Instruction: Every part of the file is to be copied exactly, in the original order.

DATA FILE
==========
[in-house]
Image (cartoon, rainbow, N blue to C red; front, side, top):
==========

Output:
[in-house]
Image (cartoon, rainbow, N blue to C red; front, side, top):